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Northern Ireland delays set to worsen as UK-EU talks stall

[ February 26, 2021   //   ]

A UK-EU Joint Committee meeting on 24 February has failed to extend the grace period on new controls on parcels and food moving between the UK and Northern Ireland, due to end on 31 March. This could increase which could increase delays and red tape significantly, said broker ParcelHero.

The UK Government had asked for the delay to be extended until 2023.

ParcelHero’s head of consumer research, David Jinks, said: “A waiver on customs declarations for parcels sent from Great Britain to Northern Ireland runs out on 31 March. This is followed by certification requirements on supermarket goods being ramped up. Last week, ParcelHero called for the Government to do everything in its power to renegotiate these deadlines with the EU. On Wednesday, however, talks aimed at postponing these draconian measures ended without agreement. Unless there is a last-minute deal, this is extremely bad news for both NI citizens and anyone sending parcels to Northern Ireland.”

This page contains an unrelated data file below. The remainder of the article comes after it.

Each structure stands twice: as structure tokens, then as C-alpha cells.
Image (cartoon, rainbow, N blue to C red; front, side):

He warned that parcels sent from Great Britain to Northern Ireland with a value of over £135 would face similar problems to those that have affected UK-EU shipments since the start of the year. Customs declarations will be needed, even though they would be UK domestic shipments and, if there was no proof that goods originated in the UK, there would also be tariffs to pay.

Jinks said: “As well as new tariffs, delays experienced since the start of the year will get worse. These are already becoming intolerable for some businesses. According to the Government’s own Office for National Statistics figures, a massive 44% of retailers and wholesalers reported the volume of goods they shipped to Northern Ireland decreased markedly in the two weeks from 25 January to 7 February, compared to the preceding fortnight. 31.5% of manufacturers reported their export volumes to Northern Ireland fell during the period. Of all businesses who had sent, or intended to send, goods from Great Britain to Northern Ireland in the last two weeks, 38% reported sending fewer goods.”

Jinks added that a joint statement issued after the meeting did suggest a new operational plan with respect to supermarkets and their suppliers. “We very much hope this new plan can somehow mirror the current regulations, although the straightforward shelving of the pending changes is clearly the most effective solution.”

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